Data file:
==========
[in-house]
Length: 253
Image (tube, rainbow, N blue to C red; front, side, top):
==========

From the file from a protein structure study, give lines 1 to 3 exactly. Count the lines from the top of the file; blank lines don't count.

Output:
[in-house]
Length: 253
Image (tube, rainbow, N blue to C red; front, side, top):